It all depends on what you mean by "all hosts" but in general - unless you have a very well organized environment, you might have problems with that.
Why? Because splunk as such doesn't much care about the metadata - it's up to you and your apps to make it reasonable.
For example - if you have a UDP:514 input receiving syslog events and you receive events from ten different hosts which are misconfigured and are sending "localhost" as their name, splunk will probably parse the host field as "localhost" from the event contents and the source by default would be set to "udp:514". It doesn't tell you much, does it?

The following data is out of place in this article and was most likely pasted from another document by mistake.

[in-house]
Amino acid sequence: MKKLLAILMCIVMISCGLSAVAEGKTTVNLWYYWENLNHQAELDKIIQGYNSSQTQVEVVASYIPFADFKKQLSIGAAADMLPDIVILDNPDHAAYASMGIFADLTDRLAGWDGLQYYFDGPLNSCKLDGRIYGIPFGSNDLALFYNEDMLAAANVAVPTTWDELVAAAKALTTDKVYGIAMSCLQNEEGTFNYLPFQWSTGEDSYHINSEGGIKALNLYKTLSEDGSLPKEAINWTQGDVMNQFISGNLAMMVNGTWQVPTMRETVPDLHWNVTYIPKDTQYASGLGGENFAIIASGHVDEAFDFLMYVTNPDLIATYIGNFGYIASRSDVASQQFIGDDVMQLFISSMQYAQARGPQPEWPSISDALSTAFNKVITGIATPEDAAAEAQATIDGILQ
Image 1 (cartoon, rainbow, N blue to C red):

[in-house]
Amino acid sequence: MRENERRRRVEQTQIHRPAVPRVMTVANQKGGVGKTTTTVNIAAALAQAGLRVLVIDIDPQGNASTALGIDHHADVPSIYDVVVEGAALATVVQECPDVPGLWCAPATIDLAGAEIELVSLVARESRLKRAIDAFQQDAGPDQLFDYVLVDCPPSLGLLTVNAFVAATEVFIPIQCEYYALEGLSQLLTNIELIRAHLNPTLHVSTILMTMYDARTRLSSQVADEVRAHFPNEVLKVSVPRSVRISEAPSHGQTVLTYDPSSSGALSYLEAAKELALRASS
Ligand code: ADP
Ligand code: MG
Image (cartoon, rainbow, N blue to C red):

There's no "automatic" additional metadata that splunk captures - like source IP for network connections.
So even though you might list metadata about all your events (list all your sources, hosts and sourcetypes) it still might not correspond directly to your physical environment.
Got your point but what we are looking is from which servers we are mainly getting data for last 30 days. can we find that ?
so that we can list those important servers and will blocklist the remaining.
As I wrote, earlier - you can list what you have in indexes. Just do
| tstats count where index=* by index,source,sourcetype
and you're all set.
It's just that you might end up with data which tells you absolutely nothing.